When the cross country girls and I run the trail or retention pond or around other areas of the school we get to explore. We have objects to dodge and interesting things to look at. When the girls and I run the track, we are right there, running circles, in full view. It’s very convenient for the coaches to yell at me, “Arms, Dendy! Use your arms! ARMS!” and other helpful corrections. When I hear this, I focus on my arms. It is good for me to have someone watching me run and evaluating my form. This is a true gift. I am appreciative of the feedback and I’m always quick to thank the coaches for taking the time to notice me and scream at me. This is true. But, I also kind of hate it. Sometimes it feels like they’re mean … then I remember that I’m just being emotional and the best runners focus on the practical, not the emotional, and I tell myself to quit being a sensitive wuss. Incidentally, this whole notion of emotion vs. practicality in running is something that intrigues me and I’ve written about it before. But I digress. I am thankful for the corrections and I earnestly try to implement all of the corrections I receive when I’m out running without coaches present.

But I still can’t help the way I feel. On the track I always feel inferior. I feel like I have no place on the track. You see, I don’t exactly consider myself a real athlete. Real athletes are fast. Real marathoners have Boston qualified. I’m over here still trying to break four hours on my marathon. Now, of course, I realize that I am a real athlete and many people would kill for a 4:10 marathon, I know this. But I still can’t help but feel that I’m not fast and I’m a fraud and everyone else thinks so too.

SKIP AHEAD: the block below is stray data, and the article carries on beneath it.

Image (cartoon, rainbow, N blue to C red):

Now, I work hard. I really do. And I try not to give up. I really do. So all of this makes me an athlete and it truly makes me proud, but for some reason when I get on that track, any running confidence I once had goes out the window. Incidentally this also happens when I run with fast people, run in a new situation, on random neighborhood runs, etc. So maybe the common denominator is me and not the track, huh?

So, slowly, running is teaching me confidence and speed work on the track is the ultimate test of my confidence.

Emotion vs. Practicality in Running

In life you should really never follow your heart.

Think about it, when you follow your heart, all you are really doing is following your emotions. Instead of thinking, you’re feeling. Why on earth would it be a good idea to make decisions based on our feelings instead of our rational thoughts? If we followed our emotions we’d be bums living in the street with no family, goals, or aspirations. It is important to think long-term and about the repercussions of our decisions. If we simply follow our hearts, we are thinking short-term, in the moment, riding a wave of emotion. Yes, it’s fun, but we can’t live our lives that way. We’d simply never get anything done.